- Title: Cameroon tortures suspects at base used by U.S., French troops - Amnesty
- Date: 19th July 2017
- Summary: DAKAR, SENEGAL (JULY 19, 2017) (REUTERS) COCKBURN LOOKING AT AMNESTY INTERNATIONAL VIDEO ON A LAPTOP
- Embargoed: 2nd August 2017 21:33
- Keywords: Amnesty International Boko Haram torture BIR torture Cameroon Amnesty International investigation torture investigation
- Location: DAKAR, SENEGAL / KERAWA, CAMEROON / BELIEVED TO BE FOTOKOL, CAMEROON / GRAPHIC
- City: DAKAR, SENEGAL / KERAWA, CAMEROON / BELIEVED TO BE FOTOKOL, CAMEROON / GRAPHIC
- Country: Cameroon
- Topics: Conflicts/War/Peace,Insurgencies
- Reuters ID: LVA0096QIRY9Z
- Aspect Ratio: 16:9
- Story Text: Amnesty International published on Thursday (July 20) what it said was evidence of extensive torture of people suspected of involvement in the Islamist group Boko Haram by Cameroon forces, much of it at a base used by American and French troops in northern Cameroon.
The Deputy Regional Director of Research at Amnesty International West and Central Africa, Stephen Cockburn, said it is not the first report the rights group have published on secret detention centres and torture by elite forces in Cameroon. But it is the first time, he said, they have gathered so much evidence from more than 100 documented cases.
Through their research, testimonies, videos, photographs and satellite imagery, Amnesty International produced video detailing what they called a 'forensic architecture', showing alleged abuse in two detention centres run by Cameroon's Rapid Intervention Battalion (BIR) in Fotokol and Salak, which Cockburn said is likely done with the knowledge of high ranking officials in the military.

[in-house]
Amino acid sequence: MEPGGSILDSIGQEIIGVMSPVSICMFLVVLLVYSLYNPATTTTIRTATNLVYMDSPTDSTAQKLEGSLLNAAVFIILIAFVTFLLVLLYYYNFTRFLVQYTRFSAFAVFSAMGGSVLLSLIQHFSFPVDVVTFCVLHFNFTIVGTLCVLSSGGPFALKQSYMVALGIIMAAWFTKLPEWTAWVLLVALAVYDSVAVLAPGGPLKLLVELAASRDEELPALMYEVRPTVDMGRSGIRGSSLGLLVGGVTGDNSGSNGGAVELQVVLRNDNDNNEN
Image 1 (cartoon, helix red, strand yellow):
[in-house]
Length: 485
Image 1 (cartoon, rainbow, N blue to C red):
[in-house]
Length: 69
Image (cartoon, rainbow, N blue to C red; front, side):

In Salak, Cockburn says the abuse is happening very close to U.S. and French forces. Amnesty said its delegates had observed French troops at the base in May 2015. It also said it had still and video images "clearly showing the regular presence of U.S personnel in numerous locations across the base, including making use of a makeshift gym and a trailer converted into an office".
Robyn Mack, a spokeswoman at the U.S. military's Africa Command, said on Wednesday (July 19) that to date, U.S. Africa Command has not received any reports of human rights abuses by Cameroonian forces at either of these locations. "Any foreign military unit that receives security assistance receives training on the law of armed conflict and human rights law," Mack added.
Cameroon's Military Spokesman, Colonel Didier Badjek, said on Tuesday (July 18) Cameroon's army were fighting Boko Haram in a "clean war, whilst respecting human rights".
"We will continue to fight Boko Haram for as long as they continue to attack on our territory. I think the Cameroonian army is one of the most disciplined in Africa," he added.
Amnesty urged the United States and France to investigate whether their military personnel knew that torture was taking place on the site, and whether or not their assistance "has contributed to the commission of these crimes and violations".
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